What’s next on the horizon is the season’s fourth and final major, the PGA Championship?
The return to Oak Hill CC in Rochester, N.Y., might bring to mind Shaun Micheel’s stunning victory when the PGA stopped there in 2003, a win that capped off a surprising season in the biggest events.
Mike Weir had won the Masters in April and Ben Curtis the Open Championship in July, so Micheel’s victory kept that shock value on the high end.
But that 2003 PGA Championship is significant for another reason. It was the last major championship in Phil Mickelson’s life as the man considered to be the best player never to have won a major.
Remember? It was insufferable, but it was as sure as the sun coming up in the morning that the media would pound away whenever the Masters or the U.S. Open or the Open Championship or the PGA rolled around. It probably started when he was 27 or 28 and it continued into 1999 and 2000. And 2001. And 2002. And 2003.
In April 2003, the lefthander had finished third for the third consecutive year in the Masters, but his finishes in the U.S. Open (T-55) and Open Championship (T-59) had given more fuel to the critics who suggested he’d never succeed at the majors. At Oak Hill that August, Mickelson was 1 over par and tied for sixth, just four behind Micheel and so he paid a visit to the media center. It didn’t take long for someone to ask Mickelson if he sensed that the crowd was behind him, that fans wanted to see him win that elusive first major.
"I think it’s very flattering that the people have been as supportive as they have," Mickelson said. "I find that very flattering. It certainly is uplifting."
He faded that weekend — rounds of 72-75 left him in a share of 23rd — and so when he arrived at Augusta the following spring, nearly every story that mentioned Mickelson hung this out there for all to read: He was 0-for-46 in the majors. What was always impressive, though, is how Mickelson handled such constant criticism; he never got combative or defensive, which he could have, and more times than not he offered humor.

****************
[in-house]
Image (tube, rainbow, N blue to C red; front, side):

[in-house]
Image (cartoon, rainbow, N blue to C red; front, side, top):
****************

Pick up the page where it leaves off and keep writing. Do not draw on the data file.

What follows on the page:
Like the pre-Masters interview in 2004 when Augusta National member Billy Morris introduced the lefthander by saying, "Phil, as most of you know, has finished in the top 10 at the Masters seven times in 11 appearances. He has finished no worse than seventh in the last five years. He’s played in 11 Masters and has had a beautiful record here."
Without missing a beat, Mickelson interjected, "But no wins. No wins." There was good laughter.
Then, looking at Morris, who as custom demands was wearing his member’s green jacket, Mickelson added: "I want what you have. I want one of those. Those are nice."
A few days later, Mickelson had one, too, his unforgettable birdie putt at the 72nd providing a one-stroke win over Ernie Els. His drought as a major-less superstar was over, but even with that, it’s doubtful that people envisioned him being a five-time major winner. After all, he was nearing his 34th birthday.
Yet now that the Claret Jug is in his possession, that’s exactly what Mickelson is and he deserves all the accolades that have come, and will continue to go, his way. He has won five majors in 38 attempts since 2004, which compares virtually dead-on with what Woods has done in that span (6 for 35).
Now, this isn’t to suggest that Mickelson’s career in the majors equals Woods’. It doesn’t. That stretch of major performances from the PGA of 1999 to the U.S. Open of 2002 when Woods won seven of 11 starts, or that burst from the 2005 Masters to the 2008 U.S. Open when he won 6 of 14? Dominating stuff.
Think what you want of Mickelson, but during all those years of scrutiny he always remained upbeat. The fact that he’s won five majors since turning 33 (Woods has won zero, Ernie Els one since reaching that age) has to be an inspiration to guys such as Adam Scott, Sergio Garcia, Justin Rose, Brandt Snedeker, Matt Kuchar, Luke Donald, and a few others who are in that age vicinity and will trying to figure out these biggest tournaments.